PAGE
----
Sarah Ailey, PhD RN FAAN, is a professor in the College of Nursing at Rush University Medical Center, which “has a history of being on the forefront of healthcare for people with disabilities.”

“I’m a mother of a 46-year-old son with intellectual disabilities, so there’s that aspect of it. I have that family advocate role. I’m the ultimate case manager,” says Sarah.

Advancing Research Through Participatory Action

“I finished my PhD 20 years ago. Most of my work has centered around health and healthcare—particularly of people with intellectual and developmental disabilities, but with disabilities generally.”

A keystone of her work is directly involving advocates with intellectual and developmental disabilities.

She has had several high-profile projects funded from national agencies, including a conference in 2017, which was called Partnering with People with Disabilities to Transform Health Outcomes, funded by the Agency for Healthcare Research and Quality, and the Working for Inclusive and Transformative Healthcare (WITH) Foundation. The conference gathered about 150 healthcare providers, academics, policymakers, advocates, and more. Of the attendees, close to 30% were advocates with intellectual disabilities.

“Having advocates at the conference really changed the dynamic. I actually think if you want to have a conference, have advocates. That’s what you need to do. They’ve got to actually be there.”

She’s currently the principal investigator for a national consortium that came together in part through her work on the conference. Together with 5 co-leading institutions, the consortium is developing professional education curriculum materials and practice experiences that will be integrated into Interprofessional Education programs at the 5 institutions. Then it will be incorporated into 30 more over the next 5 years. The work is funded by a 5-year grant from the Administration for Community Living.

“We have advocates with intellectual and developmental disabilities on all the action networks and our steering committee. We’re using principles of participatory action. As we reviewed it, we were happy, but we wanted more.

“We’ve established a separate advocate advisory committee. We think that’s improved the conversations. They’re also coming up with ideas independent of what the other networks are doing. We’ve been happy that we’ve established that group.”

Another long-term project is a cognitive behavioral intervention program called Steps to Effective Problem-solving (STEPS) among people with intellectual and developmental disabilities living in group homes. STEPS was funded by an NIH R01 grant.

“We work with homes where there’s high rates of behaviors, but we deliver it to everybody in the home—the staff included—but as far as I know it’s the only NIH-funded cognitive behavioral intervention with people with intellectual disabilities.”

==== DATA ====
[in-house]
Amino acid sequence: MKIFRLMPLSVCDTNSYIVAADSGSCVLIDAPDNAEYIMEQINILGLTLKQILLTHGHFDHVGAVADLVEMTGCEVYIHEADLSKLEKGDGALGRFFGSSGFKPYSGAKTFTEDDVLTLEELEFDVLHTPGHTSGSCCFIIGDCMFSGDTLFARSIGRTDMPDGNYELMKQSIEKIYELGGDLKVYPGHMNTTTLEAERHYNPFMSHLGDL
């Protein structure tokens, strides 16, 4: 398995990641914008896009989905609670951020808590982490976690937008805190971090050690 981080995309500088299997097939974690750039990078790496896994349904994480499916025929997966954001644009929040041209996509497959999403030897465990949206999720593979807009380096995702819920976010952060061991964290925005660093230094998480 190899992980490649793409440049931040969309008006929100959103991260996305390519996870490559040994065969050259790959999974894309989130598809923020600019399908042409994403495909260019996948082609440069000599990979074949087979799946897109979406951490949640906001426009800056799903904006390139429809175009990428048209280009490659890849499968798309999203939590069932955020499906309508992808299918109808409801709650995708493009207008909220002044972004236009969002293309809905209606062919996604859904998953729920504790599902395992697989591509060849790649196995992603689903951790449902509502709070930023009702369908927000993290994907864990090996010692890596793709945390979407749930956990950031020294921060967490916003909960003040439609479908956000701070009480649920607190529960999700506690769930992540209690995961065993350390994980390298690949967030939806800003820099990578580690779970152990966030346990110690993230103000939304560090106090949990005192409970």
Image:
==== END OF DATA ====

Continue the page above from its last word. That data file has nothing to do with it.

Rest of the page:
Tackling Discrimination in Healthcare

Thirty years after the Americans with Disabilities Act, people with disabilities still face discrimination every day.

“There’s so much outright discrimination out there. It’s a problem.”

She points to a 2021 survey of physicians.

“Only 56.5% of physicians strongly agreed they’d be willing to have people with disabilities in their practice. 82% thought that the quality of life was worse. It’s a pretty appalling state of affairs.”

The pandemic response in hospitals highlighted policies that disproportionately affected people with disabilities.

“Don’t get me started on the restriction of visitor rights. That’s part of the outright discrimination that went on, and it never occurred to them that it was a problem. We’re going to have to address ableism in healthcare, like we’re trying to address racism and bias based on gender.”

She sees some micro-credentialing as one part of a potential solution.

“At least some critical mass of nurses who got some credentialing to care for people with intellectual and developmental disabilities could make a difference on units.

“In hospitals, sepsis is already hard to pick out and you have someone who may not communicate well—who often may have sensory issues. By the time they’re telling you they’re sick, they’re really sick. To express where and how that is or being able to specifically localize it, that it’s their tooth or their belly, they might just tell you they don’t feel well. Nurses having more specific knowledge of what that might look like in [people with intellectual and developmental disabilities] could be helpful.”

Of course, tackling discrimination for a population that crosses racial, ethnic, and socioeconomic lines requires action on multiple fronts.

“We’re going to have to address it or it’s not going to change. It has to come from the bottom up and the top down. You have to have the organizational support.”

Through empowered, participatory action with advocates with intellectual and developmental disabilities, Sarah’s work offers new, effective ways to improve healthcare outcomes for people with disabilities.